Despite recent regulation, the $50 million copter-tourism industry continues to plague many Manhattan residents. Will it take another tragedy before someone listens?
- Last Updated: 12:27 AM, April 22, 2012
- Posted: 10:31 PM, April 21, 2012
Standing on a rooftop garden on Riverside Drive in the 80s on a Saturday morning in April, I timed helicopters coming from multiple directions every three minutes — the skies were never quiet.
Imagine how it was before the collision of a small plane and a tourist helicopter in August 2009 that left nine dead, after which tougher regulations were drawn up by the city’s Economic Development Corporation (NYCEDC), the Eastern Region Helicopter Council (ERHC) and five helicopter tour operators.
The plan eliminated tours over both Central Park and the Empire State Building, banned all sightseeing flights over Brooklyn, abolished all short tours of four to eight minutes, and curtailed the tour routes.
NYCEDC also redirected all tours to the city-owned Downtown Heliport, banning them at the West Side’s 30th Street Heliport (which is to be closed by Dec. 31 of this year — though its operators may reopen elsewhere) and the East Side’s 34th Street Heliport.
All sightseeing helicopters now approach and depart the Downtown Heliport from the south, maximizing their distance from Brooklyn Bridge Park. All tours are supposed to avoid flying over land by following the center of the Hudson River north to either 79th Street or Yankee Stadium, before returning south by flying down the west side of the Hudson. All flights are to be at 1,500 feet or above.
These are impressive reforms. The lucrative short hops (for $130 per person!) to the middle of Central Park — then hovering over Sheep Meadow — have been halted. There’s no more buzzing of the Empire State Building. The EDC’s recommended altitude of 1,500 feet is about three times as high as helos were routinely flying in the old days. Former pilot Robert Grotell, special advisor to ERHC, is surely correct when he says, “There’s no better noise mitigation than altitude. The higher the better.”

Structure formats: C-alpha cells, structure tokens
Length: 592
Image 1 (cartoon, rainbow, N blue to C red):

Why then does Councilwoman Gale Brewer, who represents the West Side, continue to get angry complaints about helicopters? “My biggest constituent issue on nice days,” she says.
One reason is that the many helicopter pilots are apparently not complying. On Easter weekend, dozens of flights were made up and down West End Avenue, for example. Even when no helicopter was in sight, the air filled with a low, constant rumble. Says Grotter, “A helicopter can be over the water where it belongs, but its noise footprint will extend inland beyond the river.”
And it remains dangerous. Former Marine Corps helicopter pilot Justin Green, now a lawyer who has represented helicopter pilots, says of the Hudson River corridor, “That’s a really narrow slice of air space below 1,100. If I’m smart, I have my map out, I’ve turned my radio to the right frequency, I start self-announcing and I keep my head on a swivel. There will be fixed-wing coming in from Teterboro. You may have a wandering blimp. There’ll be helos taking off from different parts of the city — including 30th Street — and climbing up into the air space.Follow @NYPostOpinion